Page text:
Product Details

Release Date:
10/14/2008
Label:
Sony Legacy
UPC:
0886973274224
catalogNumber:
732742
Rank:
50683

Related Subjects

Tracks

Album Credits

Performance Credits

Johnny Cash   Primary Artist,Guitar,Vocals
Carter Family   Guitar,Vocals
Carl Perkins   Electric Guitar,Vocals
Lew DeWitt   Vocals
June Carter Cash   Vocals
Marshall Grant   Bass
Luther Perkins   Electric Guitar
Don Reed   Vocals
W.S. Holland   Drums
Philip Balsley   Vocals
Harold Reid   Vocals

Technical Credits

Johnny Cash   Liner Notes
Steve Earle   Liner Notes
Ervin T. Rouse   Composer
Bob Irwin   Producer
Randall Martin   Art Direction
Michael Streissguth   Liner Notes
Jim Marshall   Original Cover Photography

Customer Reviews

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At Folsom Prison 4.7 out of 5 based on 0 ratings. 11 reviews.
Anonymous More than 1 year ago
Guest More than 1 year ago
it rocks, baby!
Guest More than 1 year ago
This is the best live album ever made, has Johnny Cash's greatest hits, and reminds you why Johnny Cash is one of the greatest entertainers to ever live.
Guest More than 1 year ago
FOLSOM PRISON BLUES ROCKS IT IS ONE OF THE BEST SONGS HE SINGS
Guest More than 1 year ago
An artist with a mic and a guitar in front of an audience of convicts playing live has to be the ultimate test of true talent and Mr.Cash is nothing less than superb on this album.This album contains the definitive rendition of "Folsom Prison Blues" as well as 18 other great songs.With the prison announcements and the clinks and clangs of the metal that he is surrounded by Mr.Cash recorded what many consider not just the greatest live country album but prehaps the greatest live album in any genre. Get a copy today and see why Johhny Cash is the greatest country artist of all time.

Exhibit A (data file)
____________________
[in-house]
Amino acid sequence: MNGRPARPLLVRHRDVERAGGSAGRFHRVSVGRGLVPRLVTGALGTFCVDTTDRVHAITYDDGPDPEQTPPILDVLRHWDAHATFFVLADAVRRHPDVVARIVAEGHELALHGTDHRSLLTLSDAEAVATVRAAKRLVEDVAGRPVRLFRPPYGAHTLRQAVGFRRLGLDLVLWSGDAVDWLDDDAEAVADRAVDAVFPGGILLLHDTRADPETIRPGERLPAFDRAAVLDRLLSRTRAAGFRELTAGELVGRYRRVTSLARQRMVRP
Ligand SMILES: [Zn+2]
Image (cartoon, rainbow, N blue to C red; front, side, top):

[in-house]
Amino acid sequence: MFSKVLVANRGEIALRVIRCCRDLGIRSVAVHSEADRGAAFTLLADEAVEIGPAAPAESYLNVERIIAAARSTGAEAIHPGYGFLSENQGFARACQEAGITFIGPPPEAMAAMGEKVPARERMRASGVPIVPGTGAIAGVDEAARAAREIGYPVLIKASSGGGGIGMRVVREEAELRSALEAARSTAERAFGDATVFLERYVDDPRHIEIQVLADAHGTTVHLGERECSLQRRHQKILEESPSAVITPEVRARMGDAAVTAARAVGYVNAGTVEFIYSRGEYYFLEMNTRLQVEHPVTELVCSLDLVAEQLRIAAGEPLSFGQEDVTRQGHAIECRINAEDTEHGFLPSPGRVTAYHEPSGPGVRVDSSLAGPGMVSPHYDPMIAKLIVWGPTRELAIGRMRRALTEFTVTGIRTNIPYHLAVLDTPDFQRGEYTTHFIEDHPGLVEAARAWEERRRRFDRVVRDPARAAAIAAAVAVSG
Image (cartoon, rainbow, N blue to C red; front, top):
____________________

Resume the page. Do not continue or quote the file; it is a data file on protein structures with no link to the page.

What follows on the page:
Anonymous More than 1 year ago
In a radical tour de force, Johnny Cash gave his standout performance at California's Folsom Prison in 1968, which was captured in his highly acclaimed live folk album that same year. With it's unique mixture of inspiring folk music and down home country and western virtuosity, The Man In Black captivated and inspired the prisoners who had attended the packed room where he performed, and it has been said that the live act change many of the prisoners' lives. Backed by his jubilent Top Ten reindition of Folsom Prison Blues, the live performance have struck a chord among his fans- admirers, The Nashville Establisment and the folk music scene when At Folsom Prison became a blockbuster hit and made The Ten Best List critics' album list for 1968. Known as a country and western titan, Johnny Cash was even known as a powerful folk singer who captivated both audiences and listeners with his moving and inspirational folk music artistry. (From 1957 to 2004, Cash would released more folk albums than his country and western albums). What is even so ironic about about The Man In Black is this live album even has the power to inspire those who are in need of hope and salvation, thanks to his proud support for civil rights causes and advocating for the help of the downtrodden, among others. Now thanks to Columbia Records and Sony Music, we can listen to At Folsom Prison in it's digitally-remastered expanded format, which makes it 100% more complete and restored to perfection. It is one of many music works that will always test the boundaries of right or wrong!